Science is the poetry of Nature.







Contributing Authors
Posts tagged "cosmic"

ikenbot:

Galaxy Evolution Discovery Surprises Scientists

Disk galaxies like our own Milky Way put the finishing touches on their stunning shapes relatively recently, a new study suggests.

Image: This spectacular image of the large spiral galaxy NGC 1232 was obtained on Sept. 21, 1998, during a period of good observing conditions. Credit: ESO

The find will likely surprise many scientists, who had thought such galaxies had been static for more than half of the universe’s 13.7-billion-year existence.

“Astronomers thought disk galaxies in the nearby universe had settled into their present form by about eight billion years ago, with little additional development since,” lead author Susan Kassin, of NASA’s Goddard Space Flight Center in Greenbelt, Md., said in a statement. “The trend we’ve observed instead shows the opposite — that galaxies were steadily changing over this time period.”

Kassin and her colleagues used NASA’s Hubble Space Telescope and the Keck Observatory in Hawaii to study 544 blue galaxies, whose color indicates that stars are forming within them.

They found that the most far-flung, ancient galaxies tend to be the most disordered, with organization steadily increasing as galaxies are observed closer and closer to the present day. Over time, the galaxies’ rotation speeds increase, and they settle into proper, well-behaved disks.

The trend holds for galaxies of all masses, but the biggest systems are always the most highly organized, researchers said.

“Previous studies removed galaxies that did not look like the well-ordered rotating disks now common in the universe today,” said co-author Benjamin Weiner of the University of Arizona. “By neglecting them, these studies examined only those rare galaxies in the distant universe that are well-behaved and concluded that galaxies didn’t change.”

Full Article

subatomiconsciousness:

Polar and equatorial views of Earth, the aurora, the equatorial airglow bands, and the geocorona. Two 30° x 120° nadir-centered images show Earth and its faint lights at vacuum-ultraviolet wavelengths. Features of Earth’s disk (dayglow from the sunlit atmosphere, auroral oval, and equatorial airglow) appear primarily in the emissions of atomic oxygen at about 130.4 and 135.6 nm and of the LBH bands of molecular nitrogen, while beyond the limb the instrument responses are entirely due to solar Lyman radiation resonantly scattered by Earth’s extended hydrogen atmosphere, the geocorona.

The image in the left panel shows an active auroral oval on 14 October 1981 at 2017 UT following the onset of a substorm at local midnight. Spacecraft altitude is 16,500 km at 67° N latitude. The image in the right panel provides a view of Earth’s dark hemisphere at 0222 UT on 16 February 1982 while the sun is behind Earth. Spacecraft altitude and latitude are 19,700 km and 13° N, respectively. The northern auroral oval forms a halo of light above the limb of Earth, while the equatorial airglow bands in the premidnight sector straddle the magnetic equator. Isolated points of light in both images are VUV bright stars.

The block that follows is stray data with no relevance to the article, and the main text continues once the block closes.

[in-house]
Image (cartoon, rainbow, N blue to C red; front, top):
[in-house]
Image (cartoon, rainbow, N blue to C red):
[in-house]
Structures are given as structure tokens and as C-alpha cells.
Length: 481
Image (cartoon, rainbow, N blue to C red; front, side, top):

http://www-pi.physics.uiowa.edu/sai/gallery/

Type I:

A civilization that is able to harness all of the power available on a single planet — has approximately 1016 or 1017 Watts available. Earth specifically has an available power of 1.74 ×1017 W (174 peta watts, see Earth’s energy budget). Kardashev’s original definition was 4 ×1012 W — a “technological level close to the level presently attained on earth” (“presently” meaning 1964).

Type II:

A civilization that is able to harness all of the power available from a single star, approximately 4 ×1026 W. Again, this figure is variable; the Sun outputs approximately 3.86 ×1026 W. Kardashev’s original definition was also 4 ×1026 W.

Type III:

A civilization that is able to harness all of the power available from a single galaxy, approximately 4 ×1037 W. This figure is extremely variable, since galaxies vary widely in size; the stated figure is the approximate power output of the Milky Way. Kardashev’s original definition was also 4 ×1037 W.

Type IV:

A civilization that has harnessed the power of its supercluster, or “the largest gravitationally bound structure it originated in.” For the Local Supercluster, this would be approximately 1042 W. Dr. Michio Kaku has discussed a type IV civilization, which could harness “extragalactic” energy sources such as dark energy, in his book Parallel Worlds.

Type V:

A civilization that uses the entire resources of its respective universe.

"We had no equals. We controlled the fundamental forces of the entire universe. Nothing could communicate with us on our level."